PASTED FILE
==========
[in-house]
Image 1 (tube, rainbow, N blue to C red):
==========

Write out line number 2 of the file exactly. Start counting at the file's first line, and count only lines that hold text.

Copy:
Image 1 (tube, rainbow, N blue to C red):